5. Worship Music (2011)
1. Worship (Intro) 2. Earth on Hell 3. The Devil You Know 4. Fight ‘Em ‘Til You Can’t 5. I’m Alive 6. Hymn 1 7. In the End 8. The Giant 9. Hymn 2 10. Judas Priest 11. Crawl 12. The Constant 13. Revolution Screams 14. New Noise (hidden track)
Recommended Track: “Fight ‘Em ‘Till You Can’t”. This track marked a welcome return to the horror inspired Thrash from Anthrax’s 1980’s heyday. The zombie’s are coming but Anthrax know what to do….’Fight ’em ’till you can’t fight ’em no more’!
The welcome return of Joey Belladonna on vocals, his first recording with the band since 1990’s Persistence of Time album, also marked the welcome return of pure Thrash Metal as Anthrax announced that not only were they back, they still thrashed harder and with more conviction than most!
The quality of the album is obvious even on the very first listen; Worship Music is not a ‘grower’, it’s intimidating, immediate and instantly infectious. The opening triumvirate of “Earth On Hell”, “The Devil You Know” and “Fight ‘Em ‘Till You Can’t” (“Worship-Intro” aside) set the scene; punchy, aggressive and a fine summation of all Anthrax are capable of in their third decade together.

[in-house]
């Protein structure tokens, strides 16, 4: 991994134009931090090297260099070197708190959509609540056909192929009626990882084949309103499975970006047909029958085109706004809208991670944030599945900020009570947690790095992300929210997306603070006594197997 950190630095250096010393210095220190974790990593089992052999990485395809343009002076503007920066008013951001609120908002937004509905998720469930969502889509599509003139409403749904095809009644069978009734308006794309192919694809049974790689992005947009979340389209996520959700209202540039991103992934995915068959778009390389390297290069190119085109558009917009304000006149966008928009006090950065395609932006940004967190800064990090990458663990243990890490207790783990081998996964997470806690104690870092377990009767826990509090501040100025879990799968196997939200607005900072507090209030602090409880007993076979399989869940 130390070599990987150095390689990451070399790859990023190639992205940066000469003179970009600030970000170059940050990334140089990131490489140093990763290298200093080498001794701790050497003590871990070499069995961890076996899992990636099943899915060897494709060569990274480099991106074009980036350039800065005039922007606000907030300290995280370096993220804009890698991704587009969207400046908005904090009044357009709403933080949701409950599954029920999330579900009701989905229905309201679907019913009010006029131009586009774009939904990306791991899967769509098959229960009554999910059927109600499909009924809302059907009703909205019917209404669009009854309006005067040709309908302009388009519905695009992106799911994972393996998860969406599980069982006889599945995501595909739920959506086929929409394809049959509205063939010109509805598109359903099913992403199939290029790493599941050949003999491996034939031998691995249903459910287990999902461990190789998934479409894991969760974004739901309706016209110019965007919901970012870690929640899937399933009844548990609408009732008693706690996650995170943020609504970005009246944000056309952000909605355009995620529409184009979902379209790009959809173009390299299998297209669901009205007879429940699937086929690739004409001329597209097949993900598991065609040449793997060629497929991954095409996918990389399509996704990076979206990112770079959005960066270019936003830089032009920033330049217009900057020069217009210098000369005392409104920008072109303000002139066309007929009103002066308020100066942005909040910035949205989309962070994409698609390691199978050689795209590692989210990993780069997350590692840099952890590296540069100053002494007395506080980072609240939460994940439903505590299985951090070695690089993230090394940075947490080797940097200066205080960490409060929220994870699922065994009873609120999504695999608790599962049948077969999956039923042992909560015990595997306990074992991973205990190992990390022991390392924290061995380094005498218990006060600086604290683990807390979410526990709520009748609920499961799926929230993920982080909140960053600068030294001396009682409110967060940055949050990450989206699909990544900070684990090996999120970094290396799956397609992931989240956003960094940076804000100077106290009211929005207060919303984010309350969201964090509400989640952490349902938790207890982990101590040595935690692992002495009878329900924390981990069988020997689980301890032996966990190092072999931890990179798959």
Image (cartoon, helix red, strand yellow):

Admittedly, I’m Alive sounds like a tired re-write of the central riff in Marilyn Manson’s “The Beautiful People” but honestly, who cares? It’s still a stonking track that betters most songs Anthrax recorded in the preceding decade when they went through an uncharacteristically fallow period.
“Hymn 1” and “Hymn 2” we could do without, instrumental interludes can often be unnecessary and these are no exception but all is forgiven when “In the End” kicks in. Here Anthrax unleash an epic and sonically crushing rock-solid, hard-rock tune which morphs into a Thrash/Power Metal stormer, reminiscent of Judas Priest at their most bombastic, at the half way mark. The Judas Priest influence continues on the track respectfully and simply entitled “Judas Priest”; a nod to one of the founding fathers of the Heavy Metal scene and a fitting tribute to a band that paved the way for bands such as Anthrax in the 80’s.
Elsewhere, songs such as “The Giant” and “Revolution Screams” feature the trademarked Anthrax crunch laced with typical Joey Belladonna melody who puts in his finest vocal performance for decades.
It’s no coincidence that Anthrax’s classic line-up produced a classic modern thrash record and disputes aside (it’s still not clear if Joey and the rest of the band actually like each other), there’s no denying that when they get together magic happens.
Here’s hoping that the band finally cement this line-up for good and keep firing out more records of the calibre found here.